The facade of this boozer on the traffic-filled Leeson Street seems more suited to a village in the countryside than a happening strip in a great metropolis. The Toby jugs, tankards and other pub knick-knacks displayed in the windows are a welcome distraction from the choking, noisy cars that clog this artery into the city.
Inside, the theme continues. The ceiling in the bar is quite low as is the light, so the mishmash of Dublin street signs, old maps and honky-tonk American license plates are hard to miss. The wooden décor will not meet everyone’s idea of cosy but this pub’s fairly petit portions and easygoing feel more than make up for it. It has to be said that the staff are spot-on and throughout our stay they were as cool as the Fonz (and thankfully less greasy). This is a classic on the post-work pinting circuit and we speculate that on a Saturday night it’s a little quieter. The evening we go in it’s fairly lively and unsurprisingly, it’s full of relieved workers with ‘thank feck it’s Friday’ etched across their faces. Suits and skirts in their late twenties and early thirties is what you can expect to see in here; the types who may well end up heading on up to Harcourt Street or a club on what remains of The Strip.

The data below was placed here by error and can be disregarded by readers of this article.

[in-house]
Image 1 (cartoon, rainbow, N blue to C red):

For those who might need some sustenance, a sign behind the bar humorously challenges them to “try [the] delicious sandwiches, nobody likes a coward”. But should you wish to solely imbibe the local tipple, it’s as smooth and creamy as anywhere else nearby.
Don’t be too surprised if you see an array of musical instruments neatly stacked in corners around the place. This is where the stage crew and performers from the nearby National Concert Hall come after a performance. And why wouldn’t they? Hourican’s hits all the right notes.
Blog & News